CASTRIES, St Lucia (CMC) — Caribbean share of global trade has declined from three per cent in the 1970's to a quarter per cent in 2012, according to a new World Bank report.
But the report also notes that the rapidly changing environment for Caribbean exports presents both new opportunities and challenges for economies highly dependent on external markets.
The report, 'Trade matters: New opportunities for the Caribbean', notes that while trade plays an important role in job creation, exporting also makes employment more vulnerable to external shocks.
"Entrepreneurs are already seeing improvements in the business climate. Continued efforts to improve trade facilitation and step up investments in research and innovation, as well as quality education, will help improve skills and generate well-paid jobs in the Caribbean," said Jorge Familiar, World Bank vice-president for Latin America and the Caribbean.
The report also indicates that the region's trade performance is limited by lack of diversity and limited innovation. The number of patent applications in the Caribbean has been lower than in other regions of the world.
Looking at emerging trade opportunities, the report shows that the Caricom agreements have driven a rapid increase in intra-regional trade, and that a common market would lead to a substantial rise in exports in the region.
But it states, with the exception of the Bahamas, St Kitts and Nevis, Saint Lucia, Belize and Haiti, exports from Caribbean countries to growing emerging markets remain small.
The report suggests three main opportunities to boost trade and generate a positive cycle of shared prosperity in the region.
It is recommending the deepening of trade integration with North America, which it said would boost trade and accelerate growth in the region.
"The gains for the Caribbean of entry to the North American Free Trade Agreement (NAFTA) would be six times the size of the gains for implementing a Caribbean common market. The negotiations toward a Canada-Caricom free trade agreement launched in 2007 should also be pursued," the report notes.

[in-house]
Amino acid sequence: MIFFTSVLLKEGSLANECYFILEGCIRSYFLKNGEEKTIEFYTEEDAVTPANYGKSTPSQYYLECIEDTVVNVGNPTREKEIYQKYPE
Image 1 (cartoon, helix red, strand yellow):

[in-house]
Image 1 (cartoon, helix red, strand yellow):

It said improving the trade facilitation environment, through modernised custom systems and better connectivity, would also have a major impact on trade.
"Efforts across the region to modernise customs administrations and border management should be accelerated. With the expansion of the Panama Canal and the expected increase in transshipment, recent initiatives to modernise ports infrastructures and regulation are being carried out in Jamaica, the Dominican Republic, Bahamas and Haiti."
The report, released at the Third Regional Caribbean Growth Forum (RGF), states improving the business environment and investment climate would be essential to enhance productivity and competitiveness. "While Caribbean economies recently adopted a record number of reforms improving local business regulatory climate, exporting firms remain affected by the limited access to electricity, telecommunication and transport services, and the need for policies to further promote technology capability and innovation. More efforts are needed to improve skills and access to infrastructure and finance."
The 36-page report concludes that there is considerable potential for boosting trade and accelerating growth in the region.